OSHA’s Emergency Temporary Standard: A Step-by-Step Guide

08 November 2021 Blog
Author(s): Jeffrey S. Kopp Brooke C. Bahlinger
Published To: Labor & Employment Law Perspectives Coronavirus Resource Center:Back to Business

As we initially reported on November 4, 2021, OSHA has released its long-awaited Emergency Temporary Standard (ETS) covering private employers with 100 or more employees.  While we have seen court challenges and indeed the U.S. Court of Appeals for the Fifth Circuit (covering Texas, Louisiana and Mississippi) has temporarily enjoined the ETS, employers should not rely on that as a ticket to do nothing. Time is running short and employers should proceed with the assumption that the deadlines are real. 

As covered employers begin to navigate these uncharted waters, we are providing a step-by-step guide to help you comply with the new ETS. Here are a few suggestions:

Step 1: Consider if the ETS Applies

  • Keep in mind that the ETS only applies to private employers with 100 or more employees.

  • To determine if the employer meets the threshold, employers must consider: (1) all U.S. locations, (2) include all part-time employees, but not independent contractors; (3) include all locations of corporate entity with multiple locations; (4) franchises are treated separately; (5) integrated companies that handle safety matters as one company are considered a single employer; (6) temporary employees and staffed employees not counted; and (7) for multi-employer sites such as construction sites – each employer counts only its own employees.

  • The ETS does not apply to federal contractors and healthcare covered entities which are subject to their own mandates. With respect to the latter group, the Centers for Medicare & Medicaid Services (CMS) provided a release regarding its Rule – with its requirements, and included a link to an FAQ. Healthcare providers should know that the Rule was effective last week.

Step 2: Consider Whether to Mandate Vaccinations or Offer the Testing Alternative

  • A covered employer must decide if it wishes to mandate vaccinations at one or more of their locations.

  • There may be risks and benefits to consider for both the mandatory vaccination and testing alternative. For example, state law may dictate that covered employers pay the costs of testing if it offers that alternative. Further, if an employer offers the testing alternative and an employee requests (and is granted) an accommodation based on medical or religious reasons, the employer may have to pay for testing costs.

  • As covered employers begin to consider their options, Foley’s Labor & Employment team is prepared to assist in decision-making as well as adopting conforming OSHA-compliant policies.

Step 3: Consider if There are Exempt or Excluded Employees

  • The ETS covers approximately all employees, except those employees who work remotely from their homes, exclusively by themselves, or exclusively outdoors.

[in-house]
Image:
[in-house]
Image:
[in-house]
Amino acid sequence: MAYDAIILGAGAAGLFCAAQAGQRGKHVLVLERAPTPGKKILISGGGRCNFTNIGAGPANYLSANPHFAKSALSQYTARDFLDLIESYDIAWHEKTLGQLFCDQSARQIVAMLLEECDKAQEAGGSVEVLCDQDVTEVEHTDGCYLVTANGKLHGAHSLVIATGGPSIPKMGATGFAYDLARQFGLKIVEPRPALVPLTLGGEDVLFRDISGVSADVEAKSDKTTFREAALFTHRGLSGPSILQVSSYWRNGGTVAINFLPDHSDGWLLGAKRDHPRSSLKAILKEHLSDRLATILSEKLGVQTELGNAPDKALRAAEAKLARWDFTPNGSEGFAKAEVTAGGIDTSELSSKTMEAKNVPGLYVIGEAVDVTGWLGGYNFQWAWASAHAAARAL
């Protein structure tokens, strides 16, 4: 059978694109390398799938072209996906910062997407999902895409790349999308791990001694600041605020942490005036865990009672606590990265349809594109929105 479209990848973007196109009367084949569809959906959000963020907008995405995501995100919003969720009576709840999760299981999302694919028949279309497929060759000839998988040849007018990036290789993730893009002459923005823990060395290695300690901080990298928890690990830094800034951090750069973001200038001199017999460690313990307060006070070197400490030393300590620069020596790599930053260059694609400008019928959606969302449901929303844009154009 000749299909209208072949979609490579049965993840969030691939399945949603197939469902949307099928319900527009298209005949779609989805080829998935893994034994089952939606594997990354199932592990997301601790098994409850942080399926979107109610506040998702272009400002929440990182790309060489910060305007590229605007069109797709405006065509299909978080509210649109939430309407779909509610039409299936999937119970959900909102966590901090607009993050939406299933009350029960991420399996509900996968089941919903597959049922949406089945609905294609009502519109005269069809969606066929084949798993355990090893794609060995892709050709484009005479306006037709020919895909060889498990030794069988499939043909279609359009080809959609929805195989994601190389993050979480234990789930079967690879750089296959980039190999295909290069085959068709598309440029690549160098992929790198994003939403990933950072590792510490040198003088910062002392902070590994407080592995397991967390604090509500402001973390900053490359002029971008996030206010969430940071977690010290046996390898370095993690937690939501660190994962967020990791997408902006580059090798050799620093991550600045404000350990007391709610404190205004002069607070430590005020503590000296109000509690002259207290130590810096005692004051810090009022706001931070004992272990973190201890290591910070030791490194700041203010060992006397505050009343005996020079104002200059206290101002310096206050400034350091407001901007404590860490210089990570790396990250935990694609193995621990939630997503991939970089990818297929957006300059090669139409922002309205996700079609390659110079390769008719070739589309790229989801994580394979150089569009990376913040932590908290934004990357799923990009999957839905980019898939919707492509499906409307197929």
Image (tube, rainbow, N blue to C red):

• The ETS also states that employers may implement different policies applicable to specific portions of the workforce. For example, an employer may have a mandatory vaccination policy for employees who interact with customers but offer the testing alternative for employees who intermittently work remotely and/or work for headquarters and rarely interact with customers.

Step 4: Implement a Policy (or Policies) / Communicate to Employees (By December 5, 2021)

  • A covered employer must comply with the ETS by December 5, 2021. Foley has prepared template policies for both the mandatory and testing alternatives and can assist you with tailoring your own specific policy.

  • As part of the ETS, covered employers must also provide employees with specific information related to COVID-19 testing, the procedure for gathering acceptable vaccination records and determining vaccination status, the time, pay and leave employees are entitled to, the procedures for notifying the employer of a positive COVID-19 test, and the criminal penalties associated with employees knowingly providing false information and prohibitions on discrimination.

Step 5: Gather Acceptable Proof of Vaccination Records, Compile an Employee Roster and Implement a Recordkeeping System (By December 5, 2021)

  • A covered employer must collect acceptable proof of vaccination records from employees (e.g., vaccination cards, medical paperwork, or an attestation). The proof of vaccination may not be submitted verbally.

  • Based on the provided information, a covered employer must compile and retain an employee roster that lists each employee and their respective vaccination status (whether they are fully vaccinated, partially vaccinated, not fully vaccinated because of a medical or religious accommodation, or not fully vaccinated because they have not provided acceptable proof of vaccination status).

  • A covered employer must implement a recordkeeping system and maintain these records as they would other confidential medical documents for the duration of the ETS.

Step 6: Analyze Each Medical and Religious Accommodation Request

  • A covered employer must analyze each medical and religious accommodation request in accordance with federal, state and local laws.

  • The ETS states that employers may submit employees to weekly testing as an accommodation (but must pay the costs associated with the testing if the employee if the testing is offered as an accommodation).

  • The ETS also states that other accommodations must be offered if an employee’s sincerely held religious belief does not allow them to submit for testing.

Given these many new requirements, employers should contact counsel and make sure they are prepared to implement the requirements of the ETS (in the event that the ETS is upheld by the courts) to avoid potential future penalties.

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